“Ashlyn, do you love accounting?” My freelance writing mentor blinked her big blue eyes at me as I considered leaving my job as a corporate publicist. I raised my eyebrows in response. “Well then,” she smiled at my wordless answer. “That’s how some people think about writing. They’ll rather pay to have someone do it.”
Jenn wasn’t finished. “There are THIS many people (she stretched her arms out wide as a yardstick) that think they can write. This many people (she scooted her hands in closer) that actually can write. This many people (four-inch wide hands) who turn work around on a deadline, and this (fingers spread one inch across), this is how many people are a delight to work with.”
The magic to making money as a writer? Be in that last flock of writers and you’re golden.
Pricing for solopreneur writers — copywriters, marketing strategy writers, editorial journalists, and bloggers — isn’t something that floods creative industry airwaves. But creative pricing magnates like Kristen Kaplan and Shanna Skidmore (look ‘em up) shattered my fear of charging what I’m worth as a writer. I’m proud of my prices, feisty about ‘em on a good day, protective of them at all measures — after all, this is how I earn a living.
After a decade in the industry, I’ve learned 6 actionable things you can do to firm-up your pricing as a writer.
1. Don’t look to see how other journalists, copywriters, etc. price.
For good reason: you’ll nix a few hours off your life combing the internet for comparable pricing. Truth? Most editorial stories have a set rate. Copywriting pricing tends to be client-dependent. A better bet? Find your number, and figure any opportunity into your hourly rate. A writer splits her time is split between drafting and marketing, which means querying and pitching for your next byline or communicating your services.
Take your monthly cost of goods (which, us lucky-duck writers tend have a fairly low COG in comparison to other creatives), and add your desired monthly salary. Divide that by four weeks, then hours you’ll be working billable.
For example, if your COG and salary total is $6K a month, divide that by 4, then divide that by 20, assuming half of your 40 hour work week will be spent researching, marketing, and running admin tasks. Your hourly rate? A cool $75. Don’t take less. Want a free tool to find this number for yourself? Click here to download.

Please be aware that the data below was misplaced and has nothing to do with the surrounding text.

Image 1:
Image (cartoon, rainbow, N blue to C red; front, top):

2. Write a business plan. Have sales goals. Hit them.
The word “sales” veers toward terrifying for most journalists; It strips the dignity right out of the sooth-saying artistry that attracts writers! But … have some sales goals. It can be as simple as knowing you need no less than eight clients a month to keep the lights on. Market to hit your goal, hit it, write well, rest well. Repeat.
3. Bank on freelance writing tools like Skyword.
Content marketing’s soaring, and guess what: someone’s gotta draft and swindle all that copywriting. Plenty of recruiters that want to match talented writers with bespoke copy crafting for big brands. Can I be honest? I cataloged glossy magazines under my bed my entire high-school career. We’re talking spines flush and alphabetical order: I crave magazines. But consider joining a program like Skyword, where you get paid to draft non-editorial content for companies like MasterCard, New Balance, etc.). It’s borderline passive income in that I only have to market my services once to the recruiting team!
4. Yes, you need a contract.
Or else you’ll end up being asked to source imagery for a random item you referenced in an editorial story … long story. Brush up on Six-Figure Freelancer by Kelly-James Enger, the holy grail of freelance writing, for tips.
5. Bookkeeping software can work for you.
Create a template flow, and send clients through your software as often as possible: this keeps bookkeeping tighter than the loose check-flurry publications mail your way!
6. Consider the pricing implications of the word “freelancer.”
As much as I love the phrase, I conjure romanticized visions of a Parisian cafe where AP French rolls off my tongue and I’m elegantly rapping away on my sleek Macbook when I think of the words “freelance writer.” It’s magical. But personally, I shy away from the word freelancer. I have processes, file as an LLC, and actively seek client work. For me, commanding respect for my pricing, my studies, my years of industry experience, and numerous bylines is bolstered when I call myself a small business owner.
Bottom line? Charge what you’re worth, but remember something I can’t shake that Kristen Kaplan noted on Periscope one time: if you’re going to charge BMW or Apple prices, give a BMW or Apple experience. I’d study journalism all over again, but looking back, I’d tell 20-year-old me to stay calm, steward your craft, and stay nimble: Turns out, if you’ve got media industry training and a honed writer’s voice, it shapes out that there’s work to be done, and a buck to be made.